Syrian President Bashar al-Assad has dismissed reports of last week’s chemical attack as “100% fabrication,” an assertion contradicted by numerous eyewitness accounts and independent analysis.
In an interview with the AFP news agency, conducted under restrictions imposed by the Syrian government at the presidential palace in Damascus, Assad claimed the reported details of what happened were not credible because their source was al-Qaeda’s former affiliate in Syria, Nusra Front.
The entire incident was “fabricated” and “unconvincing,” he claimed.
In fact, reports of what happened came from eyewitnesses, victims and medical staff. The day after the attack on April 4, which killed 89 people and injured dozens more, CNN interviewed victims who had fled over the border to Turkey. They recounted the horrific aftermath of a gas attack, saying the town of Khan Sheikhoun was struck by regime warplanes.
Syria and its most powerful ally, Russia, have vehemently denied the accusations, saying that terrorist groups were behind the deaths.
But the UK Ministry of Defence and Turkish authorities say they have carried out tests on samples that provide evidence that Sarin or a similar substance was used. Experts have said that only the Syrian regime is likely to have the capability to produce Sarin, a volatile substance with a very short shelf life.
Assad interview restricted
The interview with AFP’s Damascus bureau chief took place on Wednesday. Severe restrictions were placed on the news agency: it was not allowed to film the interview itself; instead, the encounter was filmed by the Syrian presidency. Only footage of first five questions asked by the interviewer was provided to AFP.
Asked if he had ordered the chemical weapons attack, Assad said the Syrian military had no chemical weapons and that it would not use them if it did.
“We gave up our arsenal three years ago,” he said. “We have never used our chemical arsenal in our history.”
He added that “morally” the Syrian government would never do this “because it’s not acceptable.”
In 2013, Syria was blamed for a chemical attack that hit the rebel-held Damascus suburb of Ghouta, in which activists say 1,400 people died. UN weapons inspectors returned “overwhelming and indisputable” evidence of the use of nerve gas, although their mandate did not include assigning blame for the attack.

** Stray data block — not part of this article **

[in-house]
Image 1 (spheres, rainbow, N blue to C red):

Shortly after, under pressure from the West, Syria agreed to a Russian proposal to give up control of its chemical weapons.
In his AFP interview, Assad accused the West, particularly the United States, of being “hand-in-glove with the terrorists” over the Khan Sheikhoun incident. He claimed details of the attack were made up in order to give the US an excuse to bomb a Syrian airbase in retaliation. “They fabricated the whole story in order to have a pretext for the attack,” he said.
Assad’s assertion that the attack never took place is a departure even from the explanation offered by Russia, which said the deaths were the result of a regime airstrike on a chemical weapons stockpile on the ground, controlled by “terrorists.”
Images of children foaming at the mouth shocked the world last week. Doctors at hospitals near the scene told CNN that victims had died of asphyxiation.
But Assad said it was possible to fake video and suggested the whole incident had been staged. “We don’t know whether those dead children were killed in Khan Sheikhoun, were they dead at all?” he said.
CNN and other international media interviewed victims of the attack who described how many of their relatives were killed. One man told how 25 members of his family had died, including his two young twins. He was pictured cradling their dead bodies.
Assad said no proper investigation had been possible because the area was controlled by Nusra Front.
The Organization for the Prohibition of Chemical Weapons is gathering evidence about the attack.
Russia, a close ally of Syria, on Wednesday vetoed a UN Security Council resolution which sought to condemn the killings and call on the Assad regime to cooperate with an international investigation into the attack.